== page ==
Justia Election Law Opinion Summaries

Articles Posted in US Court of Appeals for the Eleventh Circuit
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The ACRU filed suit alleging that defendant, the former Broward County Supervisor of Elections, failed to satisfy her list-maintenance obligations under the National Voter Registration Act (NVRA). The Eleventh Circuit held that, under the NVRA, the states and their subsidiaries are required to conduct a general program of list maintenance that makes a reasonable effort to remove voters who become ineligible on account of death or change of residence, and only on those two accounts. The court also held that nothing in the Help America Vote Act (HAVA) changes what is required by the NVRA. Finally, the court held that the NVRA sets forth an explicit safe-harbor procedure by which the states may fulfill their list-maintenance obligations as to voters who move. In this case, the district court did not clearly err by finding that defendant's Election Supervisor conducted a program reasonably designed to accomplish these tasks required under the NVRA. Accordingly, the court affirmed the judgment of the district court. View "American Civil Rights Union v. Snipes" on Justia Law

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This case involved Florida's practice of counting vote-by-mail ballots only after verifying that the voter's signature provided with the ballot matches the voter's signature in the state's records. At issue in this appeal was NRSC's motion for emergency stay. The court denied NRSC's motion and held that NRSC failed to satisfy the requirements for the issuance of a stay. The court applied the factors in Nken v. Holder, 556 U.S. 418, 434 (2009), and held that NRSC has not made a strong showing that it was likely to succeed on appeal. In this case, NRSC has not made a strong showing that the burden imposed on the right to vote is constitutional as judged by the Anderson-Burdick balancing test and NRSC has not made a strong showing that it was likely to succeed on the merits of its laches argument. The court also held that the remaining Nken factors similarly disfavored a stay. View "Democratic Executive Committee of Florida v. Lee" on Justia Law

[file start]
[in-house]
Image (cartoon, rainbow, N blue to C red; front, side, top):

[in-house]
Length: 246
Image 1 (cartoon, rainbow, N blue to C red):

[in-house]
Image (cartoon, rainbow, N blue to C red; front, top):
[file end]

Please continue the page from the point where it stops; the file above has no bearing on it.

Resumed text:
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In this appeal challenging the constitutionality of Alabama’s three percent signature requirement for ballot access under certain election circumstances, the Eleventh Circuit held that the case was moot. Under Alabama law, independent candidates for political office have the right to have their name listed on the election ballot by filing a petition signed by at least three percent of qualified electors. James Hall, who ran as an independent candidate in a special election to fill a vacancy in Alabama’s First United States House of Representatives District, brought this action challenging the constitutionality of the three percent requirement as applied during a special election cycle. The district court issued a declaratory judgment that Alabama’s three percent signature requirement for ballot access violates the First and Fourteenth Amendments when enforced during any off-season special election for a U.S. House of Representatives seat in Alabama. The Eleventh Circuit vacated the judgment of the district court and remanded with instructions to dismiss the case as moot, holding that there was no expectation that Hall, the same complaining party, will again be subject to the three percent requirement as an independent candidate or voter in a special election for a U.S. House seat. View "Hall v. Secretary, State of Alabama" on Justia Law